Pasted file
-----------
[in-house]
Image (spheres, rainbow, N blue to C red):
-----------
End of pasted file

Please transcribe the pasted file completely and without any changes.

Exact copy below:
[in-house]
Image (spheres, rainbow, N blue to C red):